MidwestLiving.com/Videos//Wandawega Lake Resort, Part 2: Camp History

Wandawega Lake Resort, Part 2: Camp History

Camp Wandawega co-owner David Hernandez provides a brief history of the resort and shares stories of his times as a youth at this rustic camp.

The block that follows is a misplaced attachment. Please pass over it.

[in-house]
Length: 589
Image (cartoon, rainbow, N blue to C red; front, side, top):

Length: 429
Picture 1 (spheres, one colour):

So this place has a really kind of interesting and colorful history. I think it was originally built during Prohibition specifically to be a Speakeasy. So it started out kind of below the radar, and it stayed that way for a long time. During the Prohibition era, in addition to having a speakeasy, they also started running a brothel here. After Prohibition was repealed, the brothel stayed in business, so to speak, all the way to 1951, when the property was bought by a Polish family from Chicago, and that’s when it became a legitimate lake resort for 10 years, from 1951 to 1961. In 1961, it was bought by the Catholic Church, and it was run by an order of priests called the Latvian Marian Fathers, and that’s how my family connection came to be with this place. My mom’s side of the family were all refugees from Latvia. They all fled during World War II, and this was a place where the Latvian refugees could come together and enjoy their kind of traditional Latvian folk songs, and they would wear traditional Latvian clothes and have big bonfires up on the hill and sing folk songs and things like that. We’d start every day by raising the flags, and we would sing the Latvian national anthem and the American national anthem, and then we would do calisthenics on the basketball court. During the day, we would do traditional camp projects up on the hill and then just basically run around all day and be kids: fishing and boating and camping, playing flashlight tag and things like that. There could have been maybe 20 or 30 of us little Latvian kids running around—a lot of my cousins and a lot of my friends. In the early 2000s, Tereasa and I started renting the bedroom in the top floor of the hotel from Father Baginskis, I think maybe for two seasons. We just had our own room here again, and we started getting reconnected with the community and reconnected with the place. We ended up telling Father Baginskis, “Hey, if you ever have to sell this place, do us a favor and just let us know before you put it on the market.” One day we got the call from him, and he said he got the call from the Vatican and they wanted him to sell the place and come back to Latvia. Before we bought the place—when we were renting—there was probably five or six families that were all in some way either Latvian families or somehow connected to the Latvian community. But part of the deal was that you had to support the place in terms of labor and gardening and landscaping and making repairs, and that goes back to the history of this place originally with my family going back to the 1960s. A lot of the things that you see around here—the church pews for Mass in the grass, all the picnic tables up on the hill, the terraces over the beach—my dad and all of his buddies built all that stuff originally back in the 60s and 70s. So now, we’re kind of repairing the things that my dad and his friends originally built. My daughter now, Charlie, who’s about 21 months, she’s the fifth generation of my family to be able to enjoy this place. We’re hoping that when she grows up, she cares about this place as much as we do and will want to keep it in the family for another generation or two.